The Crown’s framesheet is made of plastic and generally floppy, but it works very well. I have carried the pack with both the stock framesheet and a folded up Gossamer Gear 1/8″ Thinlight pad, and both transfer weight very well to the hips. In fact, I cannot tell a difference in the carry between the two. Since I already carry the pad for my inflatable mattress, the pack weight drops to 28.82 oz / 817 g. In fact the time that I strapped my wife’s day pack to the Crown, I was using the Thinlight pad instead of the framesheet, and I only experienced minor torso collapse (due to the fact that I just strapped it on with little attempt to balance it) that the load lifters easily resolved.
I also have an old framesheet with a sleeve for an aluminum stay from an old Marmot pack. After a little trimming, it fits in the Crown’s sleeve very nicely. As soon as I can access a friend’s drill press, I intend to add some holes similar to the Crown’s framesheet so that—ideally—I will only be penalized two ounces or less for the improved carry.
The pack also hugs my back very well. I am not convinced that the Vapor Current suspension will resolve my perennial issues with a sweaty back, but it does conform well to the shape of my back (helped of course by the flexibility of the framesheet). The back pad is also robust enough to act as a thin framesheet itself. A careful packer might be able to get by without any kind of frame at all.
Compression and Linelocs
In true Granite Gear fashion, the compression options for the pack are very good. The loss of the third compression strap (compared to the Blaze AC 60—the Crown’s beefier cousin) seems to have little impact on the ability to reduce the pack’s volume.
Frankly, the Linelocs seem gimmicky to me. The 3/8″ webbing used for the top compression straps would barely register as additional weight if used instead of the Linelocs. The cord supplied by Granite Gear is not all that burly. I don’t expect it to abrade quickly, but I don’t expect it to last either. It seems to have no advantage over the thin webbing used elsewhere.
No advantage, that is, save one: modularity. Typical 2mm cord fits well in the Lineloc buckles, meaning that I can add lightweight, dyneema cords cut to any length that I need. I picked up a set of buckles from Gossamer Gear to use with Lawson’s Ironwire. With spring arriving, I haven’t bothered to fiddle with them yet, but it should be a simple process to rig straps for carrying snowshoes on the pack.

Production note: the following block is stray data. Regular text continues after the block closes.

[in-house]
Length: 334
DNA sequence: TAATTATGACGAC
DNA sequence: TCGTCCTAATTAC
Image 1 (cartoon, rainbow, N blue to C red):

Even so, my current velcro straps (which double as my quilt straps) work just fine with the snowshoes, even if they are not as easy-on / easy-off as proper buckles would be.
Likes and Dislikes
Overall, I am very pleased with the Crown so far. There is much to like, and few real negatives so far—only quibbles truly.
(1) The roll-top compression doesn’t give you the option to clip the ends of the extension collar together—the buckles on both ends are female. The hiker should have the option to clip them together at the top or down at the sides. In fact, this is the only place I prefer the Linelocs to the 3/8″ webbing. If a person preferred clipping the roll-top at the top (like I do) he could just remove the side straps altogether without cutting out the option of using them later.
(2) Four buckles have to be unclipped to access the main pack. It’s not terrible, but I’d prefer a simpler system (see above).
(3) The stretch mesh pockets on the shoulder straps are too small and sit too high on my shoulders to be of any use.
(4) The shoulder straps could be longer for broad-chested hikers (like myself). They are just barely long enough for me without being uncomfortable.
(5) The shoulder straps cant very nicely over my trapezius, but I would rather them be spaced 1-1.5″ farther apart.
(6) Linelocs vs. 3/8″ webbing (see above).
(7) The zipper on the framesheet / hydration sleeve is entirely unnecessary. Hook and loop would be just fine.
(1) The fit is excellent—especially the long, tall hipbelt.
(2) Modular components. I can configure the pack in several ways according to the needs of a particular trip, getting it as low 23.14 oz / 656 g (no hipbelt or framesheet). While this is not the lightest pack available, it keeps me from having several specialized packs.
(3) Modular frame options. I feel confident that I can easily meet—if not exceed—the 35 lb / 16 kg limit Granite Gear specifies with the framesheet options that I have. I don’t like to carry that much weight, but I do need to a couple of times a year.
(4) I just plain like the way it looks. The aesthetics of the pack are really pleasing.
(5) For the weight, Granite Gear prioritizes the right things—proper carry, generous padding, and modular options. It is an excellent feature set.
The Granite Gear Crown VC 60 is a well-built pack with an excellent feature set for its weight. I recommend it.